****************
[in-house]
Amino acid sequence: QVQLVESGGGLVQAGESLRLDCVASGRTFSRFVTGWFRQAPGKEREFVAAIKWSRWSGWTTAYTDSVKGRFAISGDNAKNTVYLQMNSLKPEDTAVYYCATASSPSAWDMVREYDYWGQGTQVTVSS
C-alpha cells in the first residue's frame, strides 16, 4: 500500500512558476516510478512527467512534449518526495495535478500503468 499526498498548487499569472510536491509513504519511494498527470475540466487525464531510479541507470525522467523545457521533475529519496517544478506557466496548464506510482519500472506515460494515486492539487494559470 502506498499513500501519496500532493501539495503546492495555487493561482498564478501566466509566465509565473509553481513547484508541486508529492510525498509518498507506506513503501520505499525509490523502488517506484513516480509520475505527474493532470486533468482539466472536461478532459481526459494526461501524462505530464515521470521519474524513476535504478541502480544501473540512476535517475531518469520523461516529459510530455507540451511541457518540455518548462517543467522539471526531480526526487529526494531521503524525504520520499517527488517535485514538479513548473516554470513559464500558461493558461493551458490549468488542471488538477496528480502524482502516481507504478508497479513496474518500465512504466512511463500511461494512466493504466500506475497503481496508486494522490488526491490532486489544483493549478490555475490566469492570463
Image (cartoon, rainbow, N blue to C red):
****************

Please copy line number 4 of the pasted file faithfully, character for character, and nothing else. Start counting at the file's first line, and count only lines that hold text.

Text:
Image (cartoon, rainbow, N blue to C red):